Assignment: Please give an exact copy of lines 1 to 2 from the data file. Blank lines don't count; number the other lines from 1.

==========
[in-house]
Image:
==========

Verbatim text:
[in-house]
Image: